Guardian: It takes something special to unite Richard Dawkins, Giles Fraser, David Cameron and the archbishop of Canterbury in a common cause, but that’s what Britain’s three biggest cinema chains have accomplished. Their refusal to screen an advert for prayer has provoked scorn and damnation – or, in more Anglican terms, “disappointment”.
Yet, strange as it sounds, I think the cinemas have done the Church of England a huge favour: they’ve given it the dose of reality it desperately needs. The C of E has no right to any special treatment. We still await constitutional disestablishment, but it’s clear that we are in the midst of a cultural disestablishment. The sooner the Anglican church grasps this, the better it will be for all of us.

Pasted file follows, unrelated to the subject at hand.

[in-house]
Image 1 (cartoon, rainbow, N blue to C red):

Looking at hard numbers, the sociologist Linda Woodhead asserts that the big shift started in 1989. We have now reached the point where the majority of under-30s in the UK identity as having no religion. Woodward says that the C of E is “in freefall”. The question is whether it should bother opening the parachute.
Away from facts and figures, we find evidence of the church’s estrangement from our everyday lives in the artform that relies on common understandings: comedy. The BBC’s Aaqil Ahmed has recently noted that many references in Life of Brianwould be lost on today’s public, and argues that the film could not be made now. Similarly, it’s difficult to imagine a modern comedy show including anything likethe skit on the apostles’ creed in Not the Nine O’Clock News, or Alan Bennett’s vicar. Yes, we have Rev, but it assumes pretty much nothing of its audience’s knowledge of Christianity.